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Want a z68 board, but with old style BIOS

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January 9, 2012 12:13:25 PM

I'm currently ordering the pieces for a new gaming build, but am uncertain how to approach the choice of a new motherboard. I want to get a board with the z68 chipset but also want the old style BIOS rather than the new UEFI graphical BIOS. Why? Because I frequently will be installing various new Linux releases for evaluation... and I'd much rather have the hard drive partitioned with a regular master boot record and not have any efi partition. I will be dual booting, with Windows 7 64-bit as the first primary partition and Linux on the second and third partitions. I'll also be using an ssd drive, possibly as the only HDD on the system for a few months.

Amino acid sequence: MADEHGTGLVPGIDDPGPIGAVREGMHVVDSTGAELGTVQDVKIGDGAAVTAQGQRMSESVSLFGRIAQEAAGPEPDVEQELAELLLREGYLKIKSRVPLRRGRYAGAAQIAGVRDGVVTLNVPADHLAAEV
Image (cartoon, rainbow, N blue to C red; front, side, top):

If my understanding is correct, I should be able to select the old BIOS mode with most any new motherboard. This would be ideal for my needs, as long as Windows will install in that mode without creating an extra partition for efi booting. I'm not interested in any RAID setup, even after adding a second and maybe third mechanical HDD to the system for storage.

I would greatly appreciate any feedback on the matter, especially from someone who has already done something similar with their system. Thanks.

More about : z68 board style bios

a b V Motherboard
January 9, 2012 12:51:54 PM

You don't need to have old style BIOS to boot from a MBR drive. I own a UEFI motherboard from ASUS and it works perfectly fine with my old MBR drive.
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January 9, 2012 12:59:12 PM